Inferior vena cava filters are linked to a higher death rate among the very people they’re supposed to help, according to a Reuters story.
The story cites a March presentation given at the annual scientific meeting of the Society of Interventional Radiology.
Researchers reviewed medical data on more than eight million people with deep vein thrombosis (a blood clot in one of the deeper veins) and pulmonary embolism (a dislodged blood clot that’s traveled to the lungs). They found that in-hospital mortality rates were 7.11 percent for patients who received with IVC filters, compared to 4.27 percent for those who didn’t receive them.
IVC filters are implanted in the inferior vena cava, which is the major vein that leads from the legs to the right side of the heart. It’s meant to catch and stop blood clots moving through the blood stream toward the lungs.
But the filters themselves can be dangerous.
A study conducted by the New England Society for Vascular Surgery found a 31 percent fracture rate in IVC filters. Most of the broken filter shards ended up in patients’ right ventricles of the heart, which is potentially deadly.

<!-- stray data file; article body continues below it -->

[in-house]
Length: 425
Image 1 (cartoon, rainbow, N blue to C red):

The Reuters report quotes Dr. Jeremy Friese, a radiologist who led the study at the Mayo Clinic, as saying: “Among all patients with PE or DVT, those that had a filter placed were more likely to die while hospitalized relative to those that did not get a filter.”
If you’ve received an IVC filter, you should consult with a doctor if you have any ongoing symptoms or health concerns. If you have significant injuries, you should also consult with a IVC filter lawyer to discuss your legal rights.
See the story here: